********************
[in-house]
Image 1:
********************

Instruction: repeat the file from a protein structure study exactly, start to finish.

[in-house]
Image 1: